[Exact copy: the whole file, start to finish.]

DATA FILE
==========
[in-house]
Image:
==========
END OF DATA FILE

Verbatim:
[in-house]
Image: